(Reuters) - Shares of Amazon.com Inc AMZN.O rose 4 percent to hit an all-time high after the online retailing giant's quarterly profit topped $2 billion for the first time, powered by its best operating margin in 13 years.
Wall Street analysts cheered the broad-based strength in the results and overlooked the retailer’s decision to tap the brakes on its blazing revenue growth for plump profits.
At least 16 brokerages raised the price target on the stock with several saying that the high levels of profitability may be a new normal for the company.
Brokerage Oppenheimer made the most aggressive move, raising its price target on the stock by $380 to $2,130, going past the median target of $2,100.
“What we’ve been waiting on for many years is finally happening, meaningful margin expansion,” Macquarie Research analysts said in a note.
Amazon Web Services (AWS), which handles data and computing for large enterprises in the cloud, remained the cash cow for the Seattle-based company and generated about 55 percent of the its total operating income.
Amazon's results were also a relief for distressed investors in the U.S. technology sector, still woozy from a nosedive in Facebook Inc's FB.O shares following a profit warning earlier in the week.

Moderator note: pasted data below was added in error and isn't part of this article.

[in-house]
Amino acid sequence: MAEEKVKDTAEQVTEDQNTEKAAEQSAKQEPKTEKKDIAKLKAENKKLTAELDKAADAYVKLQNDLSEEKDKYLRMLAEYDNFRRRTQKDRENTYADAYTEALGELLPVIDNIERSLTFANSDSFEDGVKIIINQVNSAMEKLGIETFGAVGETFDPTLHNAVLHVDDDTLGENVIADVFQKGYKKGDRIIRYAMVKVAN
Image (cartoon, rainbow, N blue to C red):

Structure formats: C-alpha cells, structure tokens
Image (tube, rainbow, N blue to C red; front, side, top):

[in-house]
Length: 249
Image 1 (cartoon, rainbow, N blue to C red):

“In this messy earnings season, AMZN stands out as one of the strongest performers,” SunTrust analysts said.
“Broad-based strength suggests to us AMZN is hitting that elusive margin leverage tipping point investors have been awaiting, driven by AWS and advertising.”
The company, which originally started an online book seller in 1994, now gains revenue from selling products quite unrelated to its original business.
Of the 48 analysts covering the stock, 46 have a “buy” rating, while only 2 rated it “hold”.
Amazon's stock price has increased more than 54 percent since the start of the year. With a market value of $916.97 billion, Amazon is racing with Apple Inc AAPL.O and Alphabet Inc GOOGL.O to be the world's first trillion-dollar public company.
(Corrects a typo in paragraph 2)
Reporting by Vibhuti Sharma, Akanksha Rana and Aniruddha Chakrabarty in Bengaluru; Writing by Sweta Singh; Editing by Arun Koyyur
Our Standards: The Thomson Reuters Trust Principles.